MADISON -- Gov. Tony Evers announced that he has granted another 37 pardons. The Governor’s Pardon Advisory Board heard from applicants virtually on Dec. 11, 2020, and again on Jan. 8, 2021. Applicants whom the Board recommended for pardon were forwarded to Gov. Evers for final consideration. To date, the governor has granted 144 pardons.
“From mistakes made as teenagers to desperate times as they struggled with homelessness or substance misuse, what we have seen overwhelmingly from applicants is a desire to move forward, give back, and make peace with their pasts,” said Gov. Evers. “I am glad to pardon these 37 individuals and continue the good work of the Pardon Advisory Board to give folks second chances.”
Gov. Evers granted pardons to the following people:
- Meagan Brown of Milwaukee committed a theft from her employer nearly twenty years ago. She has since graduated from college, maintains employment, supports her family, and hopes to enter the healthcare field.
- Anthony Cooper, Sr. was in his early twenties when he was caught dealing drugs and fled from police. Mr. Cooper now serves his community in different efforts to help released prisoners successfully reenter the community and stem community violence. He lives in Madison, where he received the 2019 City-County Humanitarian Award.
- Glenn Gauthier was a teenager when he stole money from a grocery store nearly 50 years ago. He is a veteran who recently retired from a successful career in the paper mill industry, living in Larsen.
- Michelle Hass took checks from her father nearly 30 years ago. She now works with those struggling with substance misuse and lives in Black Earth. Her father, the victim in her case, spoke on her behalf to the Pardon Advisory Board.
- Jeffrey Heiser was just 21 years old when he lied to the court about buying beer for his underage brother. He is now in his fifties, living in Rib Lake, and is hopeful he will be able to someday hunt with this father, son, and grandson.
- Jamal Jamerson was caught dealing marijuana more than 20 years ago. He is taking acting classes and hopes to keep developing a career in entertainment. He lives in Milwaukee with his daughter and fiancé.
- Kimm Laursen purchased a stolen motorcycle nearly 40 years ago. He has been a barber for 37 years, lives in Cumberland, and has volunteered with organizations that help those struggling with alcohol misuse.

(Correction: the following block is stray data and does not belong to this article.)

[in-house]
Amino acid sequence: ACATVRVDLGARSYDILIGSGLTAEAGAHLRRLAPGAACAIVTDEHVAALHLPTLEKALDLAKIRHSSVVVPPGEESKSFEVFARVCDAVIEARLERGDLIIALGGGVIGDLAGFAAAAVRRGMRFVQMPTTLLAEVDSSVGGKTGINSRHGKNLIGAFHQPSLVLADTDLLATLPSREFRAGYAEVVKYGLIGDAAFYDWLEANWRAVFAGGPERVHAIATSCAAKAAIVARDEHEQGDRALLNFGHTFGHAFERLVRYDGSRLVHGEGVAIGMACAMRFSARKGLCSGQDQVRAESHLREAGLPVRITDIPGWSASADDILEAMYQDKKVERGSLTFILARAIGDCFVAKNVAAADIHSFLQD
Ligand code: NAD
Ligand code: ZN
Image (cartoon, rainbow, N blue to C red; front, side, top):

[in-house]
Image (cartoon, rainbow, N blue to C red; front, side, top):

- John Lawrence was only seventeen when he stole coins and a blow dart gun from his neighbor’s sock drawer. He obtained his GED and technical degree, has maintained employment, and owns a home in Cudahy.
- Todd Nest was caught growing marijuana in his basement 26 years ago. He now runs two small businesses and lives in Wausau.
- Yvette Patrick was caught selling drugs over 25 years ago. After serving a prison sentence, she renewed her faith and obtained her sobriety. She currently works with the city of Milwaukee, where she resides.
- Benjamin Peters sold one ounce of marijuana a decade ago. He has two small children and lives in Appleton.
- Syreeta Robinson was in her early twenties when she unlawfully used a store credit account of another individual. She has since obtained her degree from the University of Wisconsin – Milwaukee and works for the Sojourner Family Peace Center. She lives in Milwaukee.
- Joseph Rucker was just a teenager when he failed to appear at sentencing for a case that was later thrown out. His decision to skip court 25 years ago led to a bail jumping conviction. He now runs a consulting agency with his wife and lives in Waukesha.
- Carl Sinkler was a teenager when he and his friends left school to break into and steal from a series of storage lockers. Everything was returned, Mr. Sinkler concluded probation early, and he has since worked to support his wife and children. Now over 25 years later, he lives in Kronenwetter.
- Brian Stasewich was experiencing homelessness over 25 years ago when he issued worthless checks and then stole checks from lockers at a gym. While on probation, he was convicted of disorderly conduct. He is now married and lives in La Crosse.
- Rocco Sylvester stole from his employer 30 years ago. He is a veteran, has maintained consistent employment, and lives in Merrimac.
- Cecil Trawick was convicted for dealing drugs nearly 30 years ago. He has maintained a lifelong career in asbestos remediation in Milwaukee.
- Joshua Wentzel was caught dealing marijuana when he was a teenager nearly 20 years ago. He has since obtained his degree from the University of Wisconsin – Oshkosh and works as a dental hygienist, residing in Appleton.